How is coverage calculated for a manufactured home?
Having the correct type of home insurance policy is certainly Step 1. Step 2 is selecting the proper coverage and coverage amounts. To determine the proper amount of insurance coverage needed for your home itself, the Dwelling Coverage, most carriers use a Replacement Cost Estimator. A Replacement Cost Estimator is a built-in calculator the insurance companies use to assess how much your house will cost to rebuild if it was totally destroyed. Factors the estimator considers include the age of home, age of roof, square footage, number and quality of bathrooms, quality of kitchen, and several more. The replacement cost estimate is not factoring in the loan amount, market value, or land value, as those are independent from the rebuild cost. While a traditional home may have a rebuild cost between $150-$300/sqft, a manufactured home is closer to $50-$125/sqft (amounts vary by state).
After you've confirmed with your agent that your rebuild cost is correct, you can select the proper amount of contents coverage you need for all of your personal belongings in/at your home. This coverage amount usually starts at 50% of your Dwelling Coverage, but you'll have the flexibility to increase it higher if needed. Having the correct type of insurance policy and coverage amounts for your manufactured home are incredibly important to make sure you're properly protected and have the peace of mind you deserve.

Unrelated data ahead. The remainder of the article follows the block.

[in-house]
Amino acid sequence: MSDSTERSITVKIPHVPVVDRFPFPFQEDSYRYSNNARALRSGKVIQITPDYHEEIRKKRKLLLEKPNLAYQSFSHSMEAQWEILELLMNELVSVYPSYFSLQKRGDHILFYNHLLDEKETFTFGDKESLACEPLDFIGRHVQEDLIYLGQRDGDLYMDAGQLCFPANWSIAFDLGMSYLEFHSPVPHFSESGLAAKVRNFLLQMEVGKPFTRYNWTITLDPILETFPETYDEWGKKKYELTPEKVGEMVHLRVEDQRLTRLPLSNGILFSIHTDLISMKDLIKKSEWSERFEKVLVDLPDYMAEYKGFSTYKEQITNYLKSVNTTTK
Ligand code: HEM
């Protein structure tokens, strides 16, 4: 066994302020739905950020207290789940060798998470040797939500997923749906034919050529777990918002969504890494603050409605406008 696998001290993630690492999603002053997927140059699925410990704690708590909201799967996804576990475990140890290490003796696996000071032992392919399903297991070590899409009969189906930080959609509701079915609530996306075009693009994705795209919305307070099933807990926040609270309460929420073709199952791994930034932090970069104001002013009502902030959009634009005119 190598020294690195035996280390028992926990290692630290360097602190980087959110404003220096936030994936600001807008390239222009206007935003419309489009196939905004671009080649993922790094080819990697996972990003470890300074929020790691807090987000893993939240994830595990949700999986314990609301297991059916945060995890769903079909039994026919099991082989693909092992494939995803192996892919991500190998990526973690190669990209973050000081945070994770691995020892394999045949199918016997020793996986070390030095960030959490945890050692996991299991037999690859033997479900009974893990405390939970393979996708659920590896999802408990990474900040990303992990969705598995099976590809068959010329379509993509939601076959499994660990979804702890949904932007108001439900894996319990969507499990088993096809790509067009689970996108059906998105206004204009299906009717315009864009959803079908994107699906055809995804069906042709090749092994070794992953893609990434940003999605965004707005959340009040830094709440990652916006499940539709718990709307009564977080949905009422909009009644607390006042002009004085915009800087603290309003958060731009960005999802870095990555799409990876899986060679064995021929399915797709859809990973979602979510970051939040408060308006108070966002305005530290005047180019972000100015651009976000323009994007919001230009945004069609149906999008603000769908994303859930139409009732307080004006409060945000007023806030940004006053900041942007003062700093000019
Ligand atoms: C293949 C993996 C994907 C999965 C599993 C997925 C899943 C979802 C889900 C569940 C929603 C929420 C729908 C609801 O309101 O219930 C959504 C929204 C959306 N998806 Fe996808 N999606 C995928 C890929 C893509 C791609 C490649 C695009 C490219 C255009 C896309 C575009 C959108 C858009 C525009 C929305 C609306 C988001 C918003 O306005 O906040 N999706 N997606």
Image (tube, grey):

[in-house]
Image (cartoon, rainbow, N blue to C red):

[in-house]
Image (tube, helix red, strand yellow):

My insurance coverage doesn't match my purchase price or my loan amount, is that ok?
It is very common for the Replacement Cost of your home to differ from your purchase price or loan amount. Both of those figures will factor in the market value of your land and/or depreciation for your home. In many cases with homes on a large amount of acreage, the Replacement Cost of your home will be lower than your purchase price and your loan amount. Bearing in mind that homeowners insurance covers physical damage to the structures on your property, not the land it sits on or the market it's located in. While your personal liability is covered throughout the property, dwelling coverage is simply self-defined as coverage for your dwelling.
In summary, 22 million Americans live in manufactured homes, and that number is steadily growing with the increased cost of building materials, development of rural land, and more accessible lending programs providing the opportunity of homeownership. The United States has 129 Manufacturing Plants for these homes that produced 95,000 new builds in 2019 alone! As with any large investment, it is extremely important to make sure that not only your home is covered, but appropriate protection has been afforded to your family, your belongings, and the rest of your property.
Article written by: Agent: Jake Wood